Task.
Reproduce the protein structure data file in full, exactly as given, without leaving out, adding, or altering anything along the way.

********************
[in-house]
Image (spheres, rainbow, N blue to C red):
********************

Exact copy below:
[in-house]
Image (spheres, rainbow, N blue to C red):